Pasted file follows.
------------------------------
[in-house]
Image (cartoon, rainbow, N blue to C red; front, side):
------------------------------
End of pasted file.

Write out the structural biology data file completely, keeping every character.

[in-house]
Image (cartoon, rainbow, N blue to C red; front, side):